KALGOORLIE (miningweekly.com) – The Minerals Council of Australia (MCA) has welcomed the announcement of a 12-month review aimed at streamlining resources sector regulation.
Federal Resources Minister Matt Canavan on Monday announced that the Productivity Commission would conduct the year-long review, looking at best-practice examples of regulation that will remove unnecessary costs for businesses, while maintaining sound oversight.
“Australia’s resources sector plays a vital role in sustaining our national prosperity, employing more than 247 000 people as at May 2019 and making up 73% of goods exports in 2018. It is, however, being held back by complex layers of state and federal regulations,” Canavan said in a statement.
He noted that while resources exports in the 2018/19 financial year reached an all-time record of A$278-billion, Australia could not take this success for granted.
“It has become harder than ever to get new resources projects off the ground, restricting the sector’s future expansion and costing jobs right across Australia.
The Productivity Commission will examine regulatory settings across the sector to highlight best-practice examples from across Australia and against our global peers.
“In particular, improving the efficiency of environmental approvals would reduce the regulatory burden on business. This work will complement the statutory review of national environmental protection law, the Environment Protection and Biodiversity Conservation Act 1999, due to commence in October 2019.
“The aim is to ensure that resources projects are transparently and efficiently assessed while upholding robust environmental standards.”
Canavan said that the study would also examine, as a priority, community engagement practices and principles across jurisdictions, including best-practice community engagement, land-access and benefit-sharing practices by industry, governments and other bodies.
“All Australians have a stake in the resources sector and the benefits must be shared fairly.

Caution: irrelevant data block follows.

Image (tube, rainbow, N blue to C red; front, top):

“The review is an important part of the government’s regulatory reform agenda which is tackling a range of barriers to investment in key industries and activities, with the aim of boosting efficiency, productivity and job creation. The Productivity Commission work will both complement and contribute to the joint Prime Minister and Cabinet/Treasury Deregulation Taskforce currently being established by Assistant Minister Ben Morton.”
The MCA’s CEO Tania Constable on Monday welcomed the review, saying faster approvals for mining projects and greater certainty of process will support more highly paid, highly skilled jobs across Australia.
“Australia’s minerals sector stands for investment, jobs and giving back to regional communities, based on a sensible and commonsense approach to regulation.
“The minerals industry does not want to diminish environmental safeguards or standards, but a more efficient process is needed to meet regulatory objectives through removal of duplicative and unnecessary processes which do not enhance environmental outcomes,” Constable said.
“Our nation also needs to stay ahead of fierce competition so Australian states win back their place in the top ten mining jurisdictions across the globe.”
She noted that the reforms had the potential to unlock up to A$170-billion of resources investment in Australia, enabling the minerals industry to play an even bigger role in supporting and strengthening regional communities.